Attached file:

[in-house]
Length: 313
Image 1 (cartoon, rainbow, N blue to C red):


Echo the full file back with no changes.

[in-house]
Length: 313
Image 1 (cartoon, rainbow, N blue to C red):